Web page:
Decorating for Christmas: An Architect’s Point of View
New England holidays are notorious for their winter wonderland weather but also for their entrancingly decorated homes, often only seen in storybooks. A leisurely drive around the neighborhood to see the holiday decorations is a magical experience that can be enjoyed only two months in the year. We want to share with you Patrick Ahearn’s secret to decorating your New England home this holiday.
It doesn’t matter what time of the year, the arrival sequence from the street to your front door is a crucial moment that should incite anticipation and deliver a warm welcome. During the holidays, we are given the opportunity to further accentuate the sense of arrival with layers of lights, garland, and wreaths defining the path to the front door. Equally as important, decorations can be used to accentuate primary architectural features on the façade.
Here are our suggestions:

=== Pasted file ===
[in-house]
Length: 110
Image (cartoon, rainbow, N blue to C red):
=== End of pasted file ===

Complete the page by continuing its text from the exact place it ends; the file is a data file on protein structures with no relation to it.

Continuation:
- Decorations can help define the edge of your property, making a romantic introduction. For example, a fence, mailbox, or post light can be beautifully decorated with a series of garland and ribbon.
- Adorn trees that act as signature pieces to your property with lights. A decorated tree after a recent snowfall is breathtaking.
- Set lights in the low foliage bordering your home to draw one’s attention from your property to your home.
- Wrap portico or porch columns in garland and lights to emphasize the transition from outdoors to indoors.
- Take advantage of the window boxes, which would typically house flowers in the summer, for Christmas greens to introduce life. Add lights in the window boxes to help animate their three dimensional quality.
- Put Christmas lights on trees flanking the entry way. Seasonal trees can be potted and used in the spring if your home doesn’t have this feature.
- To finish the arrival sequence, place a wreath on your front door with a dedicated low voltage spotlight.
- In addition, to temper the acute focus on the front door, softly light the façade in a symmetrical way.
- Lastly, many homes have multiple entrances; take the opportunity to highlight a significant architectural feature one may see from a second angle. For example, a wreath would look great centered on a stone chimney that is visible from a side entrance.
Follow these suggestions and your guests should be filled with warmth and excitement as they approach your home, eager with anticipation to see what you have done inside!
Good Luck & Happy Holidays from Patrick Ahearn Architect LLC